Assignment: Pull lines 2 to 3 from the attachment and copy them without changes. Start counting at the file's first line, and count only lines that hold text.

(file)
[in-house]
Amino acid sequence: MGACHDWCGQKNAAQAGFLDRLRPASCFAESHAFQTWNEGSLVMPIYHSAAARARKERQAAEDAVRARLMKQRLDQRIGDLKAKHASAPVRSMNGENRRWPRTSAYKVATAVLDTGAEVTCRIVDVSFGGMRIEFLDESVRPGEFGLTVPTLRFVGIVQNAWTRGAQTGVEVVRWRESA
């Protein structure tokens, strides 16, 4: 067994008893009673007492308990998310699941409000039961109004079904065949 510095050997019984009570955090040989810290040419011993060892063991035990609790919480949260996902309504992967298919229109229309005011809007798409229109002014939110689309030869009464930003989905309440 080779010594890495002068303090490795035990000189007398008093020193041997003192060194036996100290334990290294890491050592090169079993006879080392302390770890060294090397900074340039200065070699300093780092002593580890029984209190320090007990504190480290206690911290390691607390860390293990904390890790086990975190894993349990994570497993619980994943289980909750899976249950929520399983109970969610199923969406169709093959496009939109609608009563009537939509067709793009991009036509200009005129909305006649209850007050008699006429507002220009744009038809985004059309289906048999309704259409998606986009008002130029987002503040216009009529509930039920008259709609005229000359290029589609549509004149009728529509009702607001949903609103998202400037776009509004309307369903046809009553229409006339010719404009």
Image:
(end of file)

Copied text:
Amino acid sequence: MGACHDWCGQKNAAQAGFLDRLRPASCFAESHAFQTWNEGSLVMPIYHSAAARARKERQAAEDAVRARLMKQRLDQRIGDLKAKHASAPVRSMNGENRRWPRTSAYKVATAVLDTGAEVTCRIVDVSFGGMRIEFLDESVRPGEFGLTVPTLRFVGIVQNAWTRGAQTGVEVVRWRESA
């Protein structure tokens, strides 16, 4: 067994008893009673007492308990998310699941409000039961109004079904065949 510095050997019984009570955090040989810290040419011993060892063991035990609790919480949260996902309504992967298919229109229309005011809007798409229109002014939110689309030869009464930003989905309440 080779010594890495002068303090490795035990000189007398008093020193041997003192060194036996100290334990290294890491050592090169079993006879080392302390770890060294090397900074340039200065070699300093780092002593580890029984209190320090007990504190480290206690911290390691607390860390293990904390890790086990975190894993349990994570497993619980994943289980909750899976249950929520399983109970969610199923969406169709093959496009939109609608009563009537939509067709793009991009036509200009005129909305006649209850007050008699006429507002220009744009038809985004059309289906048999309704259409998606986009008002130029987002503040216009009529509930039920008259709609005229000359290029589609549509004149009728529509009702607001949903609103998202400037776009509004309307369903046809009553229409006339010719404009």